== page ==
Its 2003 – a time when encounter killings were at their peak and clashes between the police and the underworld were recorded as encounters in Mumbai.
Director Kabeer Kaushik revisits the world of the khaki uniform and sets his incomprehensible film within the Mumbai police force. He examines collusions between the police, media and politicians, but with clumsiness.
Two rival cops are in a battle to notch up the greatest number of killings in the war against the underworld. One is Pratap Pandit, played with affectation by Sonu Sood. The other is Arun Inaamdar, played as best as he could by Naseeruddin Shah, in a role that has no character build-up. In fact, throughout ‘Maximum’ you keep asking what the hell is going on and why? And since both these cops are corrupt and ruthless, as a viewer you never really care what happens to either of them, especially not Sood whose faltering dialogue delivery and stoic stares are simply overdone.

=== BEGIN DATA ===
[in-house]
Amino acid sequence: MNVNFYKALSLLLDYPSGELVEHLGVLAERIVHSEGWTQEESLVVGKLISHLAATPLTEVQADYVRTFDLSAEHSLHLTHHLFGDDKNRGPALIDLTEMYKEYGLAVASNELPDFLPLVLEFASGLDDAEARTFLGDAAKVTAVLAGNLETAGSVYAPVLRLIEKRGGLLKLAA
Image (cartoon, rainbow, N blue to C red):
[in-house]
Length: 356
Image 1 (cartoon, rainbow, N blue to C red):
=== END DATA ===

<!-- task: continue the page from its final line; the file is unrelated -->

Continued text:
What one could discern of the plot is that there is something to do with a builder or two, power play at the senior police level, an ambitious, seemingly sympathetic politician and a zealous but smart TV journalist.
Eventually the narrative moves ahead five years, when the gun shots have been silenced for a while until the 26/11/2008 attacks on Mumbai. Against this backdrop, Pandit and Inaamdar’s animosity continues to play out. To add insult to injury you have to tolerate Neha Dhupia trying to pull off the dutiful wife in cotton saris and bindis, a random two scenes with a movie star played by Anjana Sukhani, Arya Babbar trying to convince us that he is a suave businessman and a terrible item number. The most sincere performances come from Amit Sadh as the rising star in a news channel and Vinay Pathak as the politician.
Director Kaushik does not show the technical growth one would have expected from his fourth film (Sehar, Chamku, Hum Tum Aur Ghost). The film is massively weighed down by a terrible script (Kaushik, Rakhi Soman), the editing, music and Sood as a lead actor who fails to ignite any emotion in the audience – besides despair.